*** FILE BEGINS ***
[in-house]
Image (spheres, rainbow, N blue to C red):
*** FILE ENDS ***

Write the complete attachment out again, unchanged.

[in-house]
Image (spheres, rainbow, N blue to C red):